Communication is not just about the specific words you use but also about how the team environment is structured. Does the team make use of various tools and technologies to allow quick and seamless information sharing?
Does the team have regular team huddles for real-time problem-solving? Regular feedback sessions are another important tool, allowing leaders to gauge team morale and address concerns promptly.
However, there are some challenges to consider. Hierarchical structures are common, and they can pose barriers. Cultural differences can also interfere with effective communication, as can even personal biases that may hinder the flow of information.
Overcoming these problems all comes back to the culture of the team. Leaders need to understand everyone’s motivations, communication styles, and any issues that could prevent them from communicating effectively.
Building and maintaining trust
Without trust, a team can quickly dissolve into disarray and inefficiency. People will have different incentives, and there will be no common goals that bring everyone together. A leader’s first task in building a strong team is to establish trust.
They need to demonstrate that they are competent, reliable, and have integrity. They need to also be transparent about their intentions and expectations while remaining consistent in all of these values over time.
If a leader does these things well, they will gain the trust of their team, but that doesn’t mean they can now relax. Trust is an ongoing process, and it needs to be continually nurtured.
There are some signs to look out for that trust is being eroded, like increased conflicts in the team or decreased productivity. You may also start to notice team members’ reluctance to share their ideas openly. Leaders need to get out in front of these problems to rebuild trust.
They can do this by acknowledging these problems, showing empathy toward those involved, and quickly coming up with solutions that leave everyone happy.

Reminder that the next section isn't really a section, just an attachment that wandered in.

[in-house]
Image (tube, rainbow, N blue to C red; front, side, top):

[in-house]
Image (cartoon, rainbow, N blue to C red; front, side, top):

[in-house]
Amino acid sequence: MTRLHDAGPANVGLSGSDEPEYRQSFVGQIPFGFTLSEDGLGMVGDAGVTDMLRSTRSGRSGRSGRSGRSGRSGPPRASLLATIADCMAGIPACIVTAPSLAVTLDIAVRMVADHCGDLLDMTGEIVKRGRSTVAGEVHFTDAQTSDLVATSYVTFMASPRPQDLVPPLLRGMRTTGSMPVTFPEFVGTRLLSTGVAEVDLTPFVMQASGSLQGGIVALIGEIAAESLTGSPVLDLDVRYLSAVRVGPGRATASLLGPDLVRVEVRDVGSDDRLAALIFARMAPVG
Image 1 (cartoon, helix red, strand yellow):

Another good way to reinforce trust is to navigate both successes and failures as a team. Celebrating achievements together boosts morale and can also strengthen the interpersonal bonds within the team. Taking a similar approach to failures can turn them into good learning opportunities instead of opportunities to assign blame.
Continuous education and collaborative growth
Like all areas of nursing and healthcare, continuous education is key. This is particularly true given how much healthcare can change from one year to the next.
It’s for this reason that leaders must not only keep one eye on developments in their field but should also inspire their team members to do the same. This could be as simple as regularly presenting opportunities for further education in team huddles.
Workshops and seminars that emphasize collaborative practices can also be instrumental in this regard. These platforms provide an opportunity for nurses to learn about what’s happening in their field as well as to grow their networks.
They also offer a forum for discussing challenges and brainstorming solutions, equipping nurses with new ideas that they can take back to their teams.
Collaborative leadership has a profound impact on the healthcare ecosystem. Its impacts touch not only the fulfillment of healthcare workers but also patient outcomes. Nurse leaders must prioritize and champion collaboration to create strong teams.